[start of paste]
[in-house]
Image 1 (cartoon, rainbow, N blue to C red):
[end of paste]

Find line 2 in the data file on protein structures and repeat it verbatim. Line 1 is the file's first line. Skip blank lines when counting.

Image 1 (cartoon, rainbow, N blue to C red):